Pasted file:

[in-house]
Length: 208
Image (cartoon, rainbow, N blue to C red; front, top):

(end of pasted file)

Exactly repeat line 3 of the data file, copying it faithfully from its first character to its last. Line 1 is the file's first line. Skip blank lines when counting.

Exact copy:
Image (cartoon, rainbow, N blue to C red; front, top):